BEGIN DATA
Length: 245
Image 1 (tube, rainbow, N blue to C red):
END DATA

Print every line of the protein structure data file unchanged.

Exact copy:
Length: 245
Image 1 (tube, rainbow, N blue to C red):